During the next few months as my blog grows and the recipes keep on coming, there's going to be certain elements of my cooking style that you will see repeated which I've called 'top tip'  I'll refer back to these many, many times.  You can follow them too, by using my list of labels on the left hand side of my blog. 

Check them out, recipes, starters, mains, puddings and cakes with loads more coming soon.  

So today's 'top tip' is .......

sautéed garlic (for extra tasty garlic dishes) 

I use sautéed garlic in salad dressings, pizzas, pastas garlic bread etc.   

Separate the garlic cloves (keep the skins on as this will prevent burning).

In a pan add 1 - 2 tablespoons of olive oil and gently sauté the required amount of garlic for your recipe.  Make sure the heat is on lowest setting at all times as you do not want to burn the garlic as this will make it bitter.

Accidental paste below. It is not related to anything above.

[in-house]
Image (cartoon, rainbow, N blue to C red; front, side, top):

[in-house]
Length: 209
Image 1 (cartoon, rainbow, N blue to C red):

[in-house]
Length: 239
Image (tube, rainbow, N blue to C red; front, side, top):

After about three minutes turn your garlic cloves over so they cook through evenly.  If the oil starts to sizzle or the skins start to colour turn off the heat and the garlic will sauté in the residual heat.  This usually takes about 5 - 8 minutes, depending on the size of your cloves.  You can test with the tip of the knife to see if the garlic is soft. 

Once the garlic is soft scoop it out of the pan with a metal spoon and place on a board.  Remove the skins by pressing a knife on one end of the clove - the garlic should just slip out.  This can be chopped or put through a garlic press.

This method gives a lovely flavour to the garlic and is well worth the effort.  I usually make 'sautéed garlic' whilst I'm prepping the food for the dish I'm about to make ie: pasta sauce, salad dressing or garlic bread.  The oil the garlic has been sautéing in can be used for this also.

Sunday, 8 April 2012